Friday, July 29, 2016

Robert Verdon, #222, Ainslie Backyard

birdlife comes for its breakfast every morning
the magpies are my friends, I give them porridge and apple-pie
the cats don’t bother them
they don’t yet have names
— unless they have names for me
‛soft touch’, ‛soft head’, ‛human’

the currawongs are warier
they eat surreptitiously
as if about to be chased off

the mynahs don’t beg just screech at the cats
one ate one once
about 2010 I think
the elephants of the skies

pee-wees are rare
and the crested pigeons never come
nevertheless I spend too long feeding
and talking like I am mad

they cock their heads
scattered across the lawn like rosary beads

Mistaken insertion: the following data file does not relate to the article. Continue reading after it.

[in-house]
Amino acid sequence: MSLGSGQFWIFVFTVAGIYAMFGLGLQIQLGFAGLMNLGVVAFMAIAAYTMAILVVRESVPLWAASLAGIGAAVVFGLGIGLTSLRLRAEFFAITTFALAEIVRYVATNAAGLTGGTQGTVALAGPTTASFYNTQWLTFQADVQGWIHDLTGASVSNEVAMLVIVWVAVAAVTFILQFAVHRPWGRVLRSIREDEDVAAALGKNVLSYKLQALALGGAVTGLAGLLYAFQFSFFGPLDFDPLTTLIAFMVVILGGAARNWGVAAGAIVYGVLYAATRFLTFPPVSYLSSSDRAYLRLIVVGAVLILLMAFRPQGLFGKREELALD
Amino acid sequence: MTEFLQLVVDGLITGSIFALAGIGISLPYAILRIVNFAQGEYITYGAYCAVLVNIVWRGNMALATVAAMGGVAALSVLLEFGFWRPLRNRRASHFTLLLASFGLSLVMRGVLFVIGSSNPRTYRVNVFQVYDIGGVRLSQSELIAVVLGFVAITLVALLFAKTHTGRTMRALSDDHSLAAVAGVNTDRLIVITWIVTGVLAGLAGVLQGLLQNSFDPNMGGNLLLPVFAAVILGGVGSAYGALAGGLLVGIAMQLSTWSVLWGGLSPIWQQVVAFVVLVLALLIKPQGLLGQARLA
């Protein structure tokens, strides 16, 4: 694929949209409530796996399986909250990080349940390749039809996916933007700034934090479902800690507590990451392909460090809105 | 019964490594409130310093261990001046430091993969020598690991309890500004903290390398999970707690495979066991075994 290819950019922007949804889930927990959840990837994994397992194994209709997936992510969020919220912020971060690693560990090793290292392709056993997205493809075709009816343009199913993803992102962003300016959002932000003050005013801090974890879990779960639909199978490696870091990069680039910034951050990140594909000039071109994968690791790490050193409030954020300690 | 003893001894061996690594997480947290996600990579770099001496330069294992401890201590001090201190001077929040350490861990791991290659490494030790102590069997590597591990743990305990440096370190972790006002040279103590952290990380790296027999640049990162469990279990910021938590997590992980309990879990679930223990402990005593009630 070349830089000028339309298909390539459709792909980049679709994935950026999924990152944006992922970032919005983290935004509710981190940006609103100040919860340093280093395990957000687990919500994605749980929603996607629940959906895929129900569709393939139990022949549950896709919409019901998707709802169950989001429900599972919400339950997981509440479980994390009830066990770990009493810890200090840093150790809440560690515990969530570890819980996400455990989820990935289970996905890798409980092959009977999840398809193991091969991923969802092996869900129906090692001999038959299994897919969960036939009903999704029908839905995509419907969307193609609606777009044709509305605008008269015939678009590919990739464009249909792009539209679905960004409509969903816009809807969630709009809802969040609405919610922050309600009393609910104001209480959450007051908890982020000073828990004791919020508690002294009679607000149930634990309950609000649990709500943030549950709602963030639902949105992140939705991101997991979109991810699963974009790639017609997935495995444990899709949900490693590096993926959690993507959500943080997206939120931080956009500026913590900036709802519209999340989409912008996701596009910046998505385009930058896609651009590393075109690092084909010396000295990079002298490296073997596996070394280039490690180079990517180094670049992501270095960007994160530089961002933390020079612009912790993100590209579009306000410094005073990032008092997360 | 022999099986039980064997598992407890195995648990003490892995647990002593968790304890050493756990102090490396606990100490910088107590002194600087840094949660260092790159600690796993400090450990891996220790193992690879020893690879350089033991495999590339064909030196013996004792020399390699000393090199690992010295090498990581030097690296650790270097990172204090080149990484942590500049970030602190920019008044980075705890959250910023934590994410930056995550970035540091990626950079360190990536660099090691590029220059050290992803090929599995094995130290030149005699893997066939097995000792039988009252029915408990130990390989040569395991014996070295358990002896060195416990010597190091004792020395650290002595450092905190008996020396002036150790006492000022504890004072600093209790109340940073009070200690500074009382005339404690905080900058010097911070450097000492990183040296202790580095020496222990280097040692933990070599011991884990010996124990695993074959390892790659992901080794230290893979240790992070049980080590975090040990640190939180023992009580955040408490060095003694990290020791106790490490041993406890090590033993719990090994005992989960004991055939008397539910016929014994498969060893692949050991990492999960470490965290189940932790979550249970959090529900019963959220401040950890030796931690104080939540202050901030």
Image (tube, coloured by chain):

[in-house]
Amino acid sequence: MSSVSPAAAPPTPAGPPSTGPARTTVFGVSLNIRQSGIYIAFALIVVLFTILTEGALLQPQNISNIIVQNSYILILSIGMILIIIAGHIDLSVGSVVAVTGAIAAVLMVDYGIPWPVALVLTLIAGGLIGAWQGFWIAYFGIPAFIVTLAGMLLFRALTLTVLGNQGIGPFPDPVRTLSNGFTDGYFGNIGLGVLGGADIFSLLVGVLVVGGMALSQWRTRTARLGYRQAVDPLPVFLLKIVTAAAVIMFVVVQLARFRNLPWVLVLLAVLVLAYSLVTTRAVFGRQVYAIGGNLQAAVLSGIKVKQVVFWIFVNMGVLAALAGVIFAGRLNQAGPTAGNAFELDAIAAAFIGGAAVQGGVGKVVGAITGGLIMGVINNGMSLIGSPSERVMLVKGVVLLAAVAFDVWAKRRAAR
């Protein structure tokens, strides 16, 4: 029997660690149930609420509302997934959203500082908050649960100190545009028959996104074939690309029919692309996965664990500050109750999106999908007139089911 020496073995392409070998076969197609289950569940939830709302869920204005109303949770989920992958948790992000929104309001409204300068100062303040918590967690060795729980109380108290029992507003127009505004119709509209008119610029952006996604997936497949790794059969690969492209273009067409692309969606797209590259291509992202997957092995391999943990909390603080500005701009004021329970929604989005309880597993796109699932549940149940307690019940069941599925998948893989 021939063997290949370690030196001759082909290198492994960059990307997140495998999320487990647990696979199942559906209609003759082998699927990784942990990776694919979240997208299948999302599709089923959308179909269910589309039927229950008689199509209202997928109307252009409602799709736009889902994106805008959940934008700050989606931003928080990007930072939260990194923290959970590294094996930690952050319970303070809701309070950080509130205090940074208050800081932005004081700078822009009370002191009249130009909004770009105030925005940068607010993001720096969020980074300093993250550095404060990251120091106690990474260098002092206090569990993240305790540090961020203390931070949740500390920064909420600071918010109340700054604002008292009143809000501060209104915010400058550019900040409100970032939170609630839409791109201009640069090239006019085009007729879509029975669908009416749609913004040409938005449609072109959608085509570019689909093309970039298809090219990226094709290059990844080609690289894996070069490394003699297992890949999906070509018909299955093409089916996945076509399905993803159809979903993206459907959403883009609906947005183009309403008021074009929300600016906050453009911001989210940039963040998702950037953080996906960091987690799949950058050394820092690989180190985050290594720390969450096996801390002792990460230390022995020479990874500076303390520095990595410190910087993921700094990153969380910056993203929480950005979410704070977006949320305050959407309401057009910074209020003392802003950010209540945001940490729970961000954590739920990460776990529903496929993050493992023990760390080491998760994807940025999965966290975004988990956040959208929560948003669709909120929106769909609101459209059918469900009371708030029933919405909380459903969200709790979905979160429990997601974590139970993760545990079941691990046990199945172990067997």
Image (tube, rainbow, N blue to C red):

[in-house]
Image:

tossed by an apostate


  1. I totally identify - currently, a family of 4 King parrots are demolishing my banana crop . ..that's almost 150 kilos in human terms. They have names for me, too. Lyrical sounding names like 'cat lover'.
    Who ate who, precisely? My cat was terrified of the mynahs.

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  3. Loves dis poem. Loves dem birds.

  4. Thanks to da both of yez!
    It was Emily (one of my cats) who ate the mynah, and she has literally never heard the end of it.

  5. So interesting. The mynahs used to screech at my former cats, who hunted them, often successfully, even when they were elderly. My new cat, a rescue cat 8 years old, is a timid thing. She likes the small, enclosed back yard and never seeks to go beyond it, nor to hunt birds (cannot, unfortunately, say the same about lizards). The mynahs seem to have learned this very quickly and no longer shriek at her nor dive-bomb her.


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